It’s hard to believe, but someone had to drag my ass to this movie back in 1998. I thought it was just another romantic comedy—something I’m just not fond of ever—and I have never been more emphatically proved wrong about a preconception in my life.
Of course, if I had bothered to look into it a little further, I would have known it was directed by the same people who had almost split my sides four years before with Dumb and Dumber, the Farrelly brothers.
Within minutes of this film beginning, it was evident I was going to leave the cinema sore again, and possibly have to perform CPR on the granny turning purple with laughter four isles down.
The film follows Ted (Stiller, in his career making role) a single thirty-something who has never gotten over a disastrous prom night with the girl of his dreams, Mary (Diaz). A kooky friend convinces Ted to hire a private investigator (Dillon) to locate Mary so he can either try and rekindle what once was, or finally leave the past behind. The path to true love, as they say, is ever rocky, and Ted’s painful journey is no different—but it is funnier than most.
With all the imitators and beyond that have followed in the last fourteen years, it is easy to forget just how audacious this film really was. Nostalgia may slightly blunt the razor sharp humour this film once possessed, but it shouldn’t. Back then it had been a long time since something so raunchy had hit the cinemas. Fox was taking an enormous risk, not just with the content, but with an unproven leading man, a supporting actor not known for his comedy chops, and with an actress who was not initially enthralled with how far the Farrellys wanted to cross the line. To everyone’s credit, they threw themselves at the project, and the rest is history.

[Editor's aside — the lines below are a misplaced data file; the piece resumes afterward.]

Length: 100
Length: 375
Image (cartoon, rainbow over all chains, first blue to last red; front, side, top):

This film has some of the best physical humour ever committed to screen. The riotous set pieces, included a zipped penis, a drugged dog, and a mentally challenged big brother, come thick and fast—and no one will ever forget the ‘hair gel’ moment. You barely get your breath back before the film has you pitch a fit again. On repeat viewing (I can’t even remember how many times I have seen this film) it has lost some of its effect, but even so it still makes me laugh out loud. That’s special and very rare.
This film also shows a progression in the Farrellys’ directing style with more sophisticated camera moves and a wider variation of shots than in previous entries. Editing, just like the jokes, is breakneck and helps the film deliver its unrelenting pace.
Diaz was perceived by all to be the only girl able to play Mary, and it does seem tailor made for her. She has an ease and likeability with this character I don’t think she has ever matched again (and she’s likeable in most things!). Stiller really stepped up to the plate on this one and earned his superstardom; after this he became the go to guy for self-humiliation moments, even creating a franchise with the Meet the Parents trilogy centred around his superbly executed shtick. Dillon also defied any preconceptions to masterfully create the film’s sleezeball. But by far the stand out for this reviewer is W. Earl Brown, who plays Mary’s brother Warren. He is just so damn convincing, I thought he may have actually been mentally challenged (the Farrellys have used many mentally disabled people in their films, to their credit). He is still quoted to this day: ‘frank and beans!’, and every scene he is in, he steals with ease. Lee Evans, Chris Elliot, Keith David and the whole supporting cast deserve major kudos.